Research; How Mannequins Are Made

It takes about a month to make one mannequin, and this is the process in which they are made:

  • A model is used to pose in the correct position
  • The armature (structure to support clay) is constructed out of aluminium wire
  • Wood and clay are added for structural support
  • The build up of the clay structure starts
  • Clay head is then attached
  • The hands and feet (if required) get life cast (using dental alginate) then attached to the figure
  • After the final clay has been smoothed, a plaster waste mould is then required to each limb (clay etc cut off)
  • Layer of plaster then goes on
  • Mould is then soaked to aid the separation of the two halves of the limb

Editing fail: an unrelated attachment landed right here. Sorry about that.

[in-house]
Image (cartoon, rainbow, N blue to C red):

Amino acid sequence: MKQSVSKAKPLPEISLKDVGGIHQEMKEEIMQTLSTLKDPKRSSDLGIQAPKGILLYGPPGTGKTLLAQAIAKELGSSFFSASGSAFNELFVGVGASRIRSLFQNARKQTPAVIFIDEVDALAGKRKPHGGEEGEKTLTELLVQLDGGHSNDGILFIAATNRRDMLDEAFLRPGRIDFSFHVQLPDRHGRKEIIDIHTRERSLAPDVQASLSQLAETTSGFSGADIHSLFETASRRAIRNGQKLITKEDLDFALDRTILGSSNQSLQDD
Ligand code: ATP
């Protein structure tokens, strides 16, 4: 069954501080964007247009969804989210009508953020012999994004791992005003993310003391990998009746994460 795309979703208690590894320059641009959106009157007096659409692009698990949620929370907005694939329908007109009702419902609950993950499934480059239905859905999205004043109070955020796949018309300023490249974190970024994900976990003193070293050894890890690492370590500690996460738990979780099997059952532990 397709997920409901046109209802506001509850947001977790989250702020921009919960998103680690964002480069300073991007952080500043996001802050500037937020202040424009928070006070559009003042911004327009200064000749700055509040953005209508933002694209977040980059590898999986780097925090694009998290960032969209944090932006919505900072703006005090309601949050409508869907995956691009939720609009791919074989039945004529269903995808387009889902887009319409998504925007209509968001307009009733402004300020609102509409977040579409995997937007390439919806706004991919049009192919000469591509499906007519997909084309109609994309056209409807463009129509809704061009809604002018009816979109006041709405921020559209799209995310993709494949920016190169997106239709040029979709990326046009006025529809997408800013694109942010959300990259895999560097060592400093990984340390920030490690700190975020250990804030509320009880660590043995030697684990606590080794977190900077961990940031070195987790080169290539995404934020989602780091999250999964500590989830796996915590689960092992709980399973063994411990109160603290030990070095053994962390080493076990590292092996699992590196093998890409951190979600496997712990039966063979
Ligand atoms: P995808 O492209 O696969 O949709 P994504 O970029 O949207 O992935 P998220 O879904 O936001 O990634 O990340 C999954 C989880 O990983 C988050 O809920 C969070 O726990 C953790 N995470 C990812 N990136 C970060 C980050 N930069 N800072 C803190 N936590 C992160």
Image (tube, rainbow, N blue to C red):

• Clay is then removed from the inside
  • Head and torso are casted with plaster
  • Put the figure back together with some final refinement. Figure is then finalised (spray grey)
  • Then gets sent to the mould department. A fibreglass resin production mould is then made by laminating layers of resin and glass-fibre.
  • The master figure is made so when the original wears down, another can be made (identically)
  • Master figure then gets sanded down
  • Production figures then get made and are laminated in the same way as the master figure
  • Spray painted to the desired colour
  • Optional additional make-up can be applied by specialists

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